Comment: Re:Should be a medal and a discharge (Score 1) 192

by rjune (#47335661) Attached to: An Army Medal For Coding In Perl

I think we were talking about two different things. When I wrote my comment I was referring to your comment about the use of Excel for database functions. I think you read way too much into the comment as I was not referring to the examples that you cite or the environment. In fact, for the two examples you cite in your latest post, we agree. The process used by the military for getting software applications is as convoluted and inefficient as the one used for building construction. Viven was talking about using non-approved methods for his support job because of the time factor and my post was written in the same context.

Comment: Re:What's so Hard to Understand? (Score 4, Informative) 192

by rjune (#47334085) Attached to: An Army Medal For Coding In Perl

If you have been in the service it's not hard to understand at all. I received an Aerial Achievement Medal during Desert Storm. Some of the things that I did was to write a DOS Batch file that backed up our flight plans (routing etc. was coordinated with other units to prevent midair collisions), fixed a glitch in the Mission Planning software (ANGPLAN forever!), and prepared more mission packages than I can count. This helped our unit earn a Air Force Outstanding Unit Award (we did not miss a single refueling) Everybody has to do their job for a unit to perform at peak level.

Comment: Re:Speculation... (Score 1) 455

by rjune (#47270647) Attached to: NADA Is Terrified of Tesla

In regard to: "Internet sales" for the win. Get a bid, no negotiating. You walk in and THAT'S the price you will get. No ripoffs... no talking to the manager.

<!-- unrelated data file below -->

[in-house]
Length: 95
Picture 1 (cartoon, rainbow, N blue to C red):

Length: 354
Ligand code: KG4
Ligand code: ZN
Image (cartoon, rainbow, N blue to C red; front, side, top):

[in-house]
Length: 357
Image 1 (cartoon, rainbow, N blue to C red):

That's how we bought our last car, except they forgot the doc fee. Our old car was dead and we were in a bind. They stuck us for that, an extra $100. The delivery consisted of here are your keys, good bye!

Next time I buy a car, I'll be ready to walk as soon as the bull starts. The previous posters are right, most dealers are scum!

Comment: Re:Caravan (Score 2) 310

The Air Force developed celestial precomp programs for the HP 41CV. It was nice because if you were doing day celestial you didn't have to remember whether or not the declination of the sun was "contrary" or "same" and it supplied the GHA and declination. (No Air Almanac required for sun shots) You could plot out of your DR position and not have to worry about an assumed position. (This made for small, easy to calculate intercepts) It also applied the coriolis/rhumb line correction. Also, with regard to Hamsterdan, Wikipedia is correct in that you needed to plug in a card reader to update the programs. The N size batteries were kind of a PITA to find, but all in all it was a really useful piece of technology. It kind of funny that this thread was spawned by someone posting in a SAS context. I use Enterprise Guide every day so I guess I span a long range of technology. (Or I'm getting old - but I keep updating my skills)

Comment: Re:Autoimmune disorder... (Score 1) 350

by rjune (#46988237) Attached to: Canadian Teen Arrested For Calling In 30+ Swattings, Bomb Threats

The 911 location technology has its limits. I use Vonage and I had to configure my account to enter the address information so that it will come up on 911. I suppose that I could have entered the address of the police station. I think it's time to look at modifying the system to make this more difficult to accomplish. I originally used prevent, but I'm sure that no matter how rigorous the security is, someone will break it.

Innovation is hard to schedule. -- Dan Fylstra

Working...